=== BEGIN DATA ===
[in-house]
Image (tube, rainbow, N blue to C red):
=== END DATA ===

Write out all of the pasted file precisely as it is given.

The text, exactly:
[in-house]
Image (tube, rainbow, N blue to C red):